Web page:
James P. Cavanagh's teleplay for "Father and Son" is a model of how to adapt a short, nearly dialogue-free story into a longer, dialogue-driven television show. Instead of having the story revolve around Sam and only introducing the father in the final scene, Cavanagh makes the father a central character, whose differences with his son are on display from the start. The girl referred to in the story becomes Mae, a character who serves as a tangible motivation for Sam's behavior, yet whose unexpected call to Joe allows Gus to escape. It is ironic that Sam's act of telling the police the truth about where to find a man thought to be a murderer seems to be the most unsavory act in the episode; Joe, Mae, and Gus all stick together on the wrong side of the law, yet their loyalty to each other seems more admirable than Sam's selfishly motivated adherence to the law.

Dan Sheridan as Schiller
Unlike Burke's story, where Joe is engaged in an illegal enterprise, Cavanagh is careful to make the old man's transgressions less egregious: he shows loyalty to an old friend who says he has been wrongfully accused. Finally, in the TV version, there is no surprise when Sam turns his father in to the police; in Burke's story, this is a shocking moment, since the author had not to that point revealed the identity of the seller of black-market tobacco.

"Father and Son" is brought to the small screen by the talented Herschel Daugherty (1910-1993), a director who worked almost exclusively in television from 1952 to 1975. He directed 27 episodes of the Hitchcock series, including Cavanagh's "Fog Closing In," and he also directed sixteen episodes of Thriller.

Starring as Joe Saunders is the great Edmund Gwenn (1877-1959), who was born Edmund Kellaway in London and who began acting on stage in 1895. He served in World War One and began his film career in 1918. Gwenn appeared in many classic movies, including four directed by Alfred Hitchcock: The Skin Game (1931), Waltzes From Vienna (1934), Foreign Correspondent (1940), and The Trouble With Harry (1955). His most famous role was as Kris Kringle in Miracle on 34th Street (1947), for which he won the Best Supporting Actor Oscar. "Father and Son" was his last screen credit before he died two years later.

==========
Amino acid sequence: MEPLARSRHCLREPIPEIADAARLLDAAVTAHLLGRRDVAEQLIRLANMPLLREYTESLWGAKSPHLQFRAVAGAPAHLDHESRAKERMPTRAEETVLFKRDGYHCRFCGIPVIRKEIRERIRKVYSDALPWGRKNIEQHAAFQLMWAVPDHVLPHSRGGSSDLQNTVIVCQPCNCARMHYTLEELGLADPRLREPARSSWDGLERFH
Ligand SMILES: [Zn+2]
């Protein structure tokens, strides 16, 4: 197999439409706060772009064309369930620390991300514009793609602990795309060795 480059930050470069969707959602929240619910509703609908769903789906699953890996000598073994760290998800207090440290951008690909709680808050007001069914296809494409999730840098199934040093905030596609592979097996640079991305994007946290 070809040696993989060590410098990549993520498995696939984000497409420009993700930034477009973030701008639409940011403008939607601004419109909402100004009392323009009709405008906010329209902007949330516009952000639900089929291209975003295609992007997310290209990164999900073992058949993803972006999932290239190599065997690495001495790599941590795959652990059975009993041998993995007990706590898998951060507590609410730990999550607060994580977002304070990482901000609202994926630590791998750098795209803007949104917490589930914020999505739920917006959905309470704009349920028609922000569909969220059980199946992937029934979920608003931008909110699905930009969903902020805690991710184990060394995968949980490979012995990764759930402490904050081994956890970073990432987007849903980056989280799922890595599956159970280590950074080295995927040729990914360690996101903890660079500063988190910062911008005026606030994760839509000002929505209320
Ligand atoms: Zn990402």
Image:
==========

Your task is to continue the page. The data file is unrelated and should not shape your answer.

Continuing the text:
John Trayne (?)
Charles Davis (1925-2009) plays Sam, Joe's son. Born in Dublin, Ireland, Davis had a long career on stage in Ireland and on Broadway and appeared on large and small screens from 1951 to 1987. He was on Night Gallery twice and he appeared in seven episodes of Alfred Hitchcock Presents, including the three-part "I Killed the Count."

Gus Harrison, on the lam for a murder that he says he did not commit, is played by Frederic Worlock (1886-1973), a British actor who was on stage in London and New York from 1906 to 1954. His first film was in 1914 and he was seen on screens large and small up to 1970. Worlock was on Alfred Hitchcock Presents four times, including "The Crocodile Case."

In smaller roles:
  • Pamela Light as Mae; she had a short career on TV and film from 1956 to 1966 and this was her only role on Alfred Hitchcock Presents.
  • George Pelling (1914-2008) as a policeman; he was on screen from 1946 to 1966 and he was in eight episodes of the Hitchcock series, including "I Killed the Count"; he was also seen on Thriller and The Outer Limits.
  • John Trayne (1918-2004) as a policeman; he was seen mostly on TV from 1956 to 1973 and he was in three episodes of Alfred Hitchcock Presents, including "The Hands of Mr. Ottermole."
  • Dan Sheridan (1916-1983) as Schiller; born in Ireland, he was a busy character actor from 1945 to 1963 and he was also seen in the Alfred Hitchcock Presents episode, "The Crocodile Case."
George Pelling (?)
Thomas Burke (1886-1945), who wrote the short story, "Father and Son," was an English author of short stories, novels, poems and essays; he became famous due to his 1916 book Limehouse Nights, which featured stories set in the working-class Limehouse District of London, where many Chinese immigrants lived. Only a handful of films and TV shows have been made from his works, but one of them was D.W. Griffith's famous silent feature, Broken Blossoms (1919), adapted from Burke's story, "The Chink and the Child." Three of his stories were adapted for Alfred Hitchcock Presents, including the famous tale, "The Hands of Mr. Ottermole," which was voted the best mystery story of all time in 1949. A 1950 collection entitled The Best Stories of Thomas Burke was published in London and included "Ottermole" and "Father and Son." "Father and Son" was also collected in Burke's Night-Pieces (1935), which was reprinted in 2016 and is available in print or on Kindle.

Read "Father and Son" for free online here or watch the TV version for free online here. It is also available on DVD here. Read the GenreSnaps take on this episode here.

Burke, Thomas. “Father and Son.” Vanity Fair, Aug. 1934, p. 21.
“Father and Son.” Alfred Hitchcock Presents, season 2, episode 36, CBS, 2 June 1957.
Grams, Martin, and Patrik Wikstrom. The Alfred Hitchcock Presents Companion. OTR Pub., 2001.
Wikipedia, Wikimedia Foundation,

In two weeks: Sylvia, starring Ann Todd and John McIntire!


Grant said...

I know "The Chink and the Child" is a very disturbing title, and I've never read it, but I once saw BROKEN BLOSSOMS, and the Chinese character is treated in a really dignified way.
(As usual, he wasn't played by a Chinese actor, but that isn't everything.)

Jack Seabrook said...

I haven't seen Broken Blossoms but I'm not surprised to hear you say the character was treated with dignity. Griffith is now so vilified due to Birth of a Nation that his genius is overlooked.